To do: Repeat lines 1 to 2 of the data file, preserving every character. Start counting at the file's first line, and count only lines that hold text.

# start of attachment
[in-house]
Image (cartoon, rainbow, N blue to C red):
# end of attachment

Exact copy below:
[in-house]
Image (cartoon, rainbow, N blue to C red):